Stone cold

By and

“Tsotsi”Miramax FilmsDirected by Gavin HoodScreenplay by Gavin Hood, based on the novel by Athol FugardStarring: Presley Chweneyagae, Mothusi Magano, Terry Pheto, Rapulana Seiphemo, Zenzo Ngqobe and Thembi NyandeniRated R/94 minutesOpened March 31, 2006Four out of four stars

He stares?emotionless and cold. He and his gang get on a train, silently stab a middle-aged man to death, take his money and walk off the train, their crime unnoticed.

They go to a bar, they argue about the night’s activities, a friend of his (Mothusi Magano) screams at him?and still he just stares. He’s just a kid-can’t be more than 19 or 20-but in the slums of Johannesburg, South Africa, where some families live inside old metal pipes in the middle of nowhere, he has grown into the kind of young man who takes what he wants and needs by force.

It’s right there in his name-he is known only as Tsotsi, meaning “thug” in South-African slang.

We see an armed and dangerous gangster, heartless. He has no regard for life or property. In short, we see a stone-cold sociopath-all this encapsulated in that piercing stare.

And then the film looks closer. And as it does so, we realize that his actions are not drawn from a cool, cold-blooded confidence-instead, fear is his impetus. He’s a terrified kid and nothing more. We see it in his eyes-the panic, the uncertainty-when he beats up his best friend and suddenly runs away. We see it when he treks to an affluent neighborhood, steals a woman’s Mercedes and, as she tries to stop him, shoots her down. And we see it when he realizes he has inadvertently kidnapped the woman’s infant child, who will change the course of his life over the next few days.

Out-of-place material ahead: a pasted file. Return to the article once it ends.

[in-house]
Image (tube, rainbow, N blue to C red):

The title character of “Tsotsi”-this year’s Oscar winner for Foreign-Language Film-is not an easy one to redeem. A product of poverty and crime, he has become a hardened criminal in just a few years, but he is not who we believe we see in the film’s first few scenes.

Screenwriter/director Gavin Hood examines his subject with complexity and does let him-or the audience-off the hook. Tsotsi keeps the baby-whom he names David-in a paper grocery bag under his bed. When he realizes he can’t feed him, he takes a local new mother by force and makes her breast-feed him.

And no, despite his newfound child, he doesn’t all of a sudden change his lifestyle-that would be too easy.

Some will inevitably complain that the film’s plot function-redeeming a killer with something as simple and obvious as a baby-is emotionally manipulative and all too convenient. But such an argument is shortsighted and misses the point.

Filmmakers have been humanizing killers for decades, so this is not anything new; however, Tsotsi’s journey and redemption are not the stuff of typical melodrama.

First-time actor Presley Chweneyagae creates a multifaceted character-a fascinating person who is at one moment ruthless and cold and the next frightened and unsure.

Over the last several years, we have seen growing cinematic revolutions from South America and Mexico. Perhaps, with a growing number of movies that have taken the international stage by storm, the countries of Africa will be next. If “Tsotsi” is any indication, we can expect great things.